Till you have savingly believed in Christ, all your desires, and pains, and prayers lay God under no obligation; and if they were ten thousand times as great as they are, you must still know, that you would be in the hands of a sovereign God, who hath mercy on whom he will have mercy. Indeed, God often hears the poor, miserable cries of sinful, vile creatures, who have no manner of true regard to him in their hearts; for he is a God of infinite mercy and he delights to show mercy for his Son’s sake; who is worthy, though you are unworthy; who came to save the sinful and the miserable some of the chief of sinners.

Therefore, there is your only hope; and in him must be your refuge, who invites you to come to him, and says, “He that cometh to me, I will in no wise cast out” [John 6:37]. Whatever your circumstances are, it is your duty not to despair, but to hope in infinite mercy through a Redeemer. For God makes it your duty to pray to him for mercy which would not be your duty, if it was allowable for you to despair. We are expressly commanded to call upon God in the day of trouble; and when we are afflicted, then to pray.

I earnestly desire, that God would make you wise to salvation and that he would be merciful and gracious to you in every respect, according as he knows your circumstances require. And this is the daily prayer of

Your affectionate and tender father, Jonathan Edwards.

P.S. Your mother and all the family send their love to you, as being tenderly concerned for you.[1]

 

 

Note: This post is an excerpt from  Jonathan Edwards: His Doctrine of & Devotion to Prayer (2013).

 

___________________________________

[1] “Letter to Timothy Edwards,” in Letters and Personal Writings, 578-80.

Seven Tips for a Happy Christian Marriage

March 28, 2014

Here are seven tips for a happy Christian marriage coming from Mr. Don Verduin, a member of our church, who has been married for 67 years:

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Don & Alice Verduin

 

  1. Make God the center of your life and marriage. Seek God’s will as found in the Bible, and make His Word your guide for all decisions you are required to make.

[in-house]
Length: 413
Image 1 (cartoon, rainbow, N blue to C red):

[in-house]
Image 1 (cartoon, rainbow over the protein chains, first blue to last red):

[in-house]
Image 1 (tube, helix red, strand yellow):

2. Make sure that you read the Bible every day. The Bible has answers for every issue that Christian couples face. For instance, take time to study Ephesians 5 – 6: 18 where God has listed rules for a happy marriage.

  3. Church attendance is a must. As a couple, support your church with your prayers, gifts, and time. The fellowship with Christian friends can be educational and comforting. Also, be sure to tithe, and, if able, to give beyond your tithe. God requires giving and blesses those who give.

  4. If God blesses your home with children, train them according to His way. The rearing of your children is a joy, but also a responsibility. Take time to read and explain God’s will for your children. Take your children to church with you. Teach your children the songs of the church, songs they will continue to carry with them throughout life. When possible, do all in your power to provide your children with a Christian education. To do so may require your family to change its lifestyle, but in the end God will bless your family.

  5. Children will disrespect authority, especially that of their parents. In a loving way explain God’s rules and do not permit this sin to continue.

  6. Sometimes the relationship between a husband and wife can become fragile. Take the time to see what God’s Word says and seek His will through prayer. Remember, God grants forgiveness to those who repent and ask for forgiveness. A husband and wife must do the same. A forgiving spirit will strengthen the marriage bond. Do not be slow to accept an apology and to grant forgiveness.